The real-time COVID-HEART model can accurately predict all-cause mortality and cardiac arrest (AM/CA), as well as thromboembolic events in hospitalized patients with COVID-19, according to a study in JACC Advances.
The COVID-HEART predictor was developed and validated in a retrospective cohort study of adults (aged ≥18 years) with SARS-CoV-2 infection admitted as inpatients at 5 hospitals. Patient data were obtained from the retrospective COVID-19 Precision Medicine Analytics Platform Registry (JH-CROWN).
All participants had SARS-CoV-2 infection confirmed by polymerase chain reaction within 14 days before the date of admission or during admission. Patients in the development set for predicting AM/CA were admitted between March 1, 2020, and November 6, 2020. Those in the test set were admitted from November 7, 2020, to January 8, 2021.
Leave-hospital-out validation was conducted after omitting all patients admitted to 1 of the 5 hospitals, repeating the model training and optimization process with use of data from patients admitted to the remaining 4 hospitals, and testing the optimized model with data from patients admitted to the left-out hospital.
A total of 3650 patients were eligible for prediction of AM/CA, of whom 30.1% were assigned to the test set according to the date cutoff. Also, 2650 patients met the eligibility criteria for prediction of thromboembolic events (TEs), of whom 796 (30.0%) were assigned to the test set. Overall, 11.0% of eligible patients had AM/CA, and 1.5% of eligible patients had an imaging-confirmed TE.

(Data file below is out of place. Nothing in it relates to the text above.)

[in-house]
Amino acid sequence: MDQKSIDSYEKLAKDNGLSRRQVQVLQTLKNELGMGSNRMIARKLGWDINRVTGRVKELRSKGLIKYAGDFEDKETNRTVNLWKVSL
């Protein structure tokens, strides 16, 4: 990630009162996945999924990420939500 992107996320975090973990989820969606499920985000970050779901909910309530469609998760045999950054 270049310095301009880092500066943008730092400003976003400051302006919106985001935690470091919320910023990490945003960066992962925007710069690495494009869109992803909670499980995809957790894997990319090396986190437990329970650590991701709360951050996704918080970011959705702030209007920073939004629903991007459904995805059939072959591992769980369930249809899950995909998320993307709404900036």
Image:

The COVID-HEART predictor had area under the receiver operating characteristic curve (AUROC) of 0.918 and 0.771, sensitivities of 0.768 and 0.500, and specificities of 0.903 and 0.879 for the full test set regarding prediction of AM/CA and thromboembolic events, respectively. The mean cross-validation and test AUROCs were 0.917 (95% CI, 0.916-0.919) and 0.923 (95% CI, 0.918-0.927) for prediction of AM/CA and 0.757 (95% CI, 0.751-0.763) and 0.790 (95% CI, 0.756-0.824) for prediction of TEs, respectively.
The mean test AUROC, sensitivity, and specificity for the left-out hospitals for prediction of AM/CA were 0.956 (95% CI, 0.936-0.976), 0.885 (95% CI, 0.838-0.933), and 0.887 (95% CI, 0.843-0.932), respectively. Regarding imaging-confirmed TEs, the mean test AUROC, sensitivity, and specificity for the left-out hospitals were 0.781 (95% CI, 0.642-0.919), 0.453 (95% CI, 0.147-0.760), and 0.863 (95% CI, 0.822-0.904), respectively.
The final COVID-HEART predictor includes 61 features for predicting AM/CA, including routinely and continuously acquired vital signs and basic metabolic tests. It also includes 9 features for predicting TEs.
The requirement for imaging confirmation of TEs is one of several study limitations. In addition, only 35 patients were included in the development set with imaging-confirmed TEs and these outcomes could only be identified per day. Other limitations include the potential for measurement error, inaccurate patient-reported history, and missing data, as well as confounding by indication. Furthermore, only patients who sought care at a hospital were enrolled.
“In its current implementation the predictor can facilitate practical, meaningful change in patient triage and the allocation of resources by providing real-time risk scores for complications occurring commonly in COVID-19 patients,” the researchers wrote. “The COVID-HEART can be retrained to predict additional adverse cardiovascular events including myocardial infarction and arrhythmia. The potential utility of the predictor extends well beyond hospitalized COVID-19 patients, as COVID-HEART could be applied to the prediction of cardiovascular adverse events post-hospital discharge or in patients with chronic COVID syndrome (‘long COVID’).”
Shade JK, Doshi AN, Sung E, et al. Real-time prediction of mortality, cardiac arrest and thromboembolic complications in hospitalized patients with COVID-19. JACC Advances. Published online May 8, 2022. doi:doi.org/10.1016/j.jacadv.2022.100043
This article originally appeared on The Cardiology Advisor